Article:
Rightpet

Dorset Sheep

Overall satisfaction

4.5/5

Acquired: Other

Gender: Male

Appearance

4/5

Temperament

5/5

Tolerance for heat

3/5

Tolerance for cold

3/5

Meat production

N/A

Milk production

N/A

Fleece quality

N/A

Commercial value

N/A

A Docile Companion

By

United States

Posted Dec 03, 2014

Only after having a sheep did I understand why they are often used in illustrations as symbols of helplessness and loyalty.

While living on a 25 acre farm we obtained a Dorset from a neighbor. Right away he made himself at home, munching on the grass and excess pears in the yard. He was so docile and loyal. Whenever we went to the orchard to pick persimmons, he would be right there by our sides. He made it clear when he felt like the puppies were getting too close, but that’s the only time his bleats got loud enough to cause alarm. There were times when in a playful mood, he would sneak behind you and nudge you, as if to say, “hey let’s go do something fun”. Kids loved him and he always welcomed a nice scratch on the head.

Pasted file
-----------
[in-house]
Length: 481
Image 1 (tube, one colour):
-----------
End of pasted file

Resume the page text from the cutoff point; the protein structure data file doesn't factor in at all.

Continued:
There’s a well-known illustration that compares individuals who feel lost and alone as sheep without a shepherd. How fitting this is. Sheep are loyal and want to feel protected. Their nature is to remain close to any being that is bigger and stronger than them. For the sheep owner, a compassionate, caring personality is essential. It is touching to see them respond in turn.

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